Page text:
According to a comprehensive study of marriage by Penn State researcher Paul Amato and others, couples are spending less time together than ever. Spouses are eating alone, doing friend and other activities apart from their spouses. For some couples this trend is troubling. It loosens the attachment so important to creating a strong marriage.
When emotional connections are stronger with those outside the marriage than inside, there is a risk for affairs. And maintaining the marital friendship is the foundation of what Gottman calls a strong marital house. So what can a couple do if they find themselves drifting apart and vacationing alone?
One idea is to find an emotionally focused couples therapist (EFT–emotionally focused therapy) who works on creating a safe and secure attachment in the marriage. The therapy can help couples develop a feeling of togetherness, become more open and responsive to each other. Therapy helps couples look at deeper feelings under their behavior and resolve hurts and wounds that may be prompting the separateness. Others couples may just need to make spending time together a priority and re-engage in together activities again. When couples spend time together and turn to each other in times of difficulty, the marital bond grows.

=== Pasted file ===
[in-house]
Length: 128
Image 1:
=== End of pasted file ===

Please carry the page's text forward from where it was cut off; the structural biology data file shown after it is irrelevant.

So if you are feeling alone, pay attention to that feeling and do something about it. While you may be one of the few people who is not bothered by living a parallel life with your partner, most of us want that secure and safe attachment based on marital friendship and togetherness.
Study from: Alone Together: How Marriage in America Is Changing, (Harvard University Press, 2007)